Using Technology to Build Resilient Communities
The City of Norfolk is taking advantage of a changing environment to build resilience by designing the coastal community of the future, connecting communities, and strengthening neighborhoods. The use of application programs, more commonly known as apps, is playing a significant role in helping the city reach these resilience goals. Read about these apps.
StormSense is a project that was developed for the Global Cities Team Challenge (GCTC), which originated from the White House Smart Cities Initiatives. The GCTC is a collaborative network of project teams working on groundbreaking applications of Internet of Things (IoT) technologies within the smart city/community environment. Norfolk is a core team member of regional cities, in partnership with Virginia Institute of Marine Science (VIMS), that make up this project team.
Newport News, representing StormSense, was recently awarded a $75,000 grant from the National Institute of Standards and Technology (NIST) to install tide gauge sensors and expand VIMS flood modeling/forecasting capabilities. This project will provide an accurate regional map and forecast, enabling cities in the region to determine flood risk up to 36 hours in advance of storm events. It also will be able to provide real-time alerts and web mapping tools including, but not limited to, third party applications like Waze.
Water Level Monitoring System (WLMS) Pilot
The Water Level Monitoring System (WLMS) Pilot project is an innovative approach to gathering real-time water level data in frequently flooded intersections/streets around the Hague using tide gauge sensors. This data is then transmitted to a cloud -hosted database for analysis and storage using low-cost technology (LoRa-long range Wi-Fi) never attempted before in the State. While this pilot project is only a small-scale collection of water level data, it serves as the foundation of a "smart cities" system using innovative cost-effective technology which can be applied to other challenges facing Norfolk beyond flooding.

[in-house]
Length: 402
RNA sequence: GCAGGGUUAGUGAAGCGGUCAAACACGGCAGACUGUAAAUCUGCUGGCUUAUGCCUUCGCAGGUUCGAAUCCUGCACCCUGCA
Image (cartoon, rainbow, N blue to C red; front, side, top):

The Royal Netherlands Embassy, Hampton Roads Planning District Commission, and the cities of Norfolk, Newport News, and Hampton jointly hosted the Virginia Dutch Dialogues in June 2015 to generate innovative ideas for living with water. For Norfolk, these innovations included using water management as a way to protect and revitalize neighborhoods.
Retain Your Rain
Norfolk residents learn how they can be part of building a more resilient Norfolk through a citywide, systemic approach to water management.
In collaboration with the Norfolk Master Gardeners, Bayview Civic League, Bay View Elementary, and Norfolk Master Naturalists, the City of Norfolk hosted its second Retain Your Rain workshop at Bay View Elementary School in Spring 2017! The green infrastructure installed by volunteers will capture 600 gallons of rainwater.
The City of Norfolk launched a Retain Your Rain Mini Grant Pilot last fall that offered up to $2,000 to a neighborhood organization to install green infrastructure. Northside Civic League's proposal for a 'rain retention food forest' was selected for the Pilot. In December, Northside Civic League planted the food forest at Mary Calcott Elementary School. The food forest will absorb over 3,000 gallons of stormwater in addition to providing fresh food and vegetables to the neighborhood. Read more. Watch a video.